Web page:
Economists love turning dilemmas into ‘trilemmas’

Olivier Blanchard just released his thoughts on the recent “Rethinking Macroeconomics” seminar at the IMF. This paragraph caught my attention:

By implication, there is no agreement on how or even whether to integrate financial stability and macro stability in the mandate of central banks. Does it require a tweak to inflation targeting, or much more radical rethinking?  The intellectually pleasant position is to argue that macroprudential tools will take care of financial stability, so monetary policy can still focus on its usual business—  inflation targeting. I read, perhaps unfairly, Michael Woodford’s discussion at this conference to suggest that the crisis should lead us to shift from inflation targeting to nominal income targeting, without a major emphasis on financial stability. I am skeptical that this is the right answer. I think we have to be realistic about the role that macroprudential tools can play, and that monetary policy cannot ignore financial stability.

First it was the inflation-unemployment trade-off (or dilemma), then the variance of inflation-real growth variance trade-off. Now they want interest rates to take simultaneous ‘care’ (i.e. optimize) inflation, growth and financial stability (a ‘trilemma’)! Why ‘complicate’? Maybe because it gives rise to more papers!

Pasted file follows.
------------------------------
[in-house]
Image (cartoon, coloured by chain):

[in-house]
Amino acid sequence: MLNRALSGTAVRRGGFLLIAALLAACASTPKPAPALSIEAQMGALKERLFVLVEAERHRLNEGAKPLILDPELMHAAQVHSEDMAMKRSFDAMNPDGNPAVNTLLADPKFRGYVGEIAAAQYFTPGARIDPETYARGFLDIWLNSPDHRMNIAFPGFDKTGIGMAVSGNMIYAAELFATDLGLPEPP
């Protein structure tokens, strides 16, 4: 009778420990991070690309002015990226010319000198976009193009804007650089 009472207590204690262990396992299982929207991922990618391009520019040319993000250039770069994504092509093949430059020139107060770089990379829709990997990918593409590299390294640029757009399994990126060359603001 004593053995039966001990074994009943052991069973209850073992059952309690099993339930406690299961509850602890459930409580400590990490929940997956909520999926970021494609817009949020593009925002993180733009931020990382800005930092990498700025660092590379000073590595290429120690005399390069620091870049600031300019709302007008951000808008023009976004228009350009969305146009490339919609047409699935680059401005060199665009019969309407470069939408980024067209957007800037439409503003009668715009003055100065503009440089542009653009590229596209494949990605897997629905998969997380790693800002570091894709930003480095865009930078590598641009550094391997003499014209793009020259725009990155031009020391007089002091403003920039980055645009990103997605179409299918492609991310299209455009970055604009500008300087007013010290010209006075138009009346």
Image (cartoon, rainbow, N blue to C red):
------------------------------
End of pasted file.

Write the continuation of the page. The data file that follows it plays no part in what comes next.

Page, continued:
It seems Mike Woodfords suggestion is to the point. Shift to NGDP targeting (level targeting) to ‘relive’ the 1987-07 period of nominal stability and develop macroprudential tools that help restrain financial ‘exuberance’. Two objectives – nominal stability and financial stability – and two instruments – monetary policy and macroprudential policy. As Tinbergen would say: “Obvious my dear Watson”.

One thought on “Economists love turning dilemmas into ‘trilemmas’

  1. How about addressing financial stability by ditching tight money?? It’s plain, simple and easy to understand – we have some cake and get to eat some too.

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